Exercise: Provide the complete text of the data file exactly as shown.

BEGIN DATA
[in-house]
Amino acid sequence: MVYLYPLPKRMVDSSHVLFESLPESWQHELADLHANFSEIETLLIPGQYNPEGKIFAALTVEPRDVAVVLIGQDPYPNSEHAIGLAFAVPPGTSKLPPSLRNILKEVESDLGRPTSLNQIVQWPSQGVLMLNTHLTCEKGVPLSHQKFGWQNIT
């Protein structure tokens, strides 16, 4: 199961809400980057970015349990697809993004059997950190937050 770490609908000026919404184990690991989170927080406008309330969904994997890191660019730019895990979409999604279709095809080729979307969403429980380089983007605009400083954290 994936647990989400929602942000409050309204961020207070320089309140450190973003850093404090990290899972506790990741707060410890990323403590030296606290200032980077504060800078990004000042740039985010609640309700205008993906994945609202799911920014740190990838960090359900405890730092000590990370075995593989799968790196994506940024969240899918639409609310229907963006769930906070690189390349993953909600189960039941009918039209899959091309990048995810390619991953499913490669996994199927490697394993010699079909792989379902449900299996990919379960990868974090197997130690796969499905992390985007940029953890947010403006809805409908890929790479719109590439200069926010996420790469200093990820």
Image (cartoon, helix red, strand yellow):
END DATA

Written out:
[in-house]
Amino acid sequence: MVYLYPLPKRMVDSSHVLFESLPESWQHELADLHANFSEIETLLIPGQYNPEGKIFAALTVEPRDVAVVLIGQDPYPNSEHAIGLAFAVPPGTSKLPPSLRNILKEVESDLGRPTSLNQIVQWPSQGVLMLNTHLTCEKGVPLSHQKFGWQNIT
């Protein structure tokens, strides 16, 4: 199961809400980057970015349990697809993004059997950190937050 770490609908000026919404184990690991989170927080406008309330969904994997890191660019730019895990979409999604279709095809080729979307969403429980380089983007605009400083954290 994936647990989400929602942000409050309204961020207070320089309140450190973003850093404090990290899972506790990741707060410890990323403590030296606290200032980077504060800078990004000042740039985010609640309700205008993906994945609202799911920014740190990838960090359900405890730092000590990370075995593989799968790196994506940024969240899918639409609310229907963006769930906070690189390349993953909600189960039941009918039209899959091309990048995810390619991953499913490669996994199927490697394993010699079909792989379902449900299996990919379960990868974090197997130690796969499905992390985007940029953890947010403006809805409908890929790479719109590439200069926010996420790469200093990820």
Image (cartoon, helix red, strand yellow):